Eros

Rated R 2005

This is not a single film but three, joined in a common goal. The first segment was made by Wong Kar Wai (In the Mood for Love) and the second by Steven Soderbergh (Traffic, Erin Brockovich); the final, by any measure the climax, was by legendary director Michelangelo Antonioni. Kar Wai's "The Hand," about a tailor (Chang Chen) besotted with desire for an elegant courtesan (Gong Li), is a gorgeous work of slow and painful longing, saturated in gray, soaking in romantic pathos. Soderbergh's "Equilibrium," about a neurotic man fussing over a sexual dream, is a lighter, though intelligent piece of work. Antonioni's "The Dangerous Thread of Things," in which a couple's relationship has tanked, is rich with delights, naked breasts among them. Eros is a tribute not merely to the entangled concepts of romantic love and sexual desire -- and to the human failure to achieve the former and fulfill the latter -- but to Antonioni himself. In the words of Soderbergh: "I wanted my name on a poster with Michelangelo Antonioni."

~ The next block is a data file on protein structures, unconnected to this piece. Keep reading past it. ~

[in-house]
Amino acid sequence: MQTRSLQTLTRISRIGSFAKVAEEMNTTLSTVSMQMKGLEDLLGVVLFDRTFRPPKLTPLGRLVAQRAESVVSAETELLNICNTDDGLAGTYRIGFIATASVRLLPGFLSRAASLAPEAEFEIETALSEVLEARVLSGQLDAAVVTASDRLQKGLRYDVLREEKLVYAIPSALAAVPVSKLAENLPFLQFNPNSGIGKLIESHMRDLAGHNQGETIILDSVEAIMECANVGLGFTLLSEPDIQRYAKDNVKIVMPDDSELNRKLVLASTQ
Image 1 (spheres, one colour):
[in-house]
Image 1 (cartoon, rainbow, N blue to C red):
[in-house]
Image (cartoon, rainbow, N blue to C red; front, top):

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Eros

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